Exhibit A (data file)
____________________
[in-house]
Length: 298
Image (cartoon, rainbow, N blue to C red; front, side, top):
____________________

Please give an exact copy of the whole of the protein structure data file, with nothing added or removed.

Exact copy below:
[in-house]
Length: 298
Image (cartoon, rainbow, N blue to C red; front, side, top):